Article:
Some decolonized countries maintain strong economic ties with the former colonial power. The CFA franc is a currency shared by 14 countries in West and Central Africa, mostly former French colonies. The CFA franc is guaranteed by the French treasury.
After independence, many countries created regional economic associations to promote trade and economic development among neighbouring countries, including the Association of Southeast Asian Nations (ASEAN), the Economic Community of West African States (ECOWAS), and the Gulf Cooperation Council.
John Kenneth Galbraith argues that the post–World War II decolonization was brought about for economic reasons. In A Journey Through Economic Time, he writes:
"The engine of economic well-being was now within and between the advanced industrial countries. Domestic economic growth – as now measured and much discussed – came to be seen as far more important than the erstwhile colonial trade.... The economic effect in the United States from the granting of independence to the Philippines was unnoticeable, partly due to the Bell Trade Act, which allowed American monopoly in the economy of the Philippines. The departure of India and Pakistan made small economic difference in the United Kingdom. Dutch economists calculated that the economic effect from the loss of the great Dutch empire in Indonesia was compensated for by a couple of years or so of domestic post-war economic growth. The end of the colonial era is celebrated in the history books as a triumph of national aspiration in the former colonies and of benign good sense on the part of the colonial powers. Lurking beneath, as so often happens, was a strong current of economic interest – or in this case, disinterest."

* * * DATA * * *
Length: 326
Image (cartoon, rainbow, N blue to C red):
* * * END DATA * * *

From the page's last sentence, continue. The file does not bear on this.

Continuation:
In general, the release of the colonized caused little economic loss to the colonizers. Part of the reason for this was that major costs were eliminated while major benefits were obtained by alternate means. Decolonization allowed the colonizer to disclaim responsibility for the colonized. The colonizer no longer had the burden of obligation, financial or otherwise, to their colony. However, the colonizer continued to be able to obtain cheap goods and labor as well as economic benefits (see Suez Canal Crisis) from the former colonies. Financial, political and military pressure could still be used to achieve goals desired by the colonizer. Thus decolonization allowed the goals of colonization to be largely achieved, but without its burdens.
Due to a common history and culture, former colonial powers created institutions which more loosely associated their former colonies. Membership is voluntary, and in some cases can be revoked if a member state loses some objective criteria (usually a requirement for democratic governance). The organizations serve cultural, economic, and political purposes between the associated countries, although no such organisation has become politically prominent as an entity in its own right.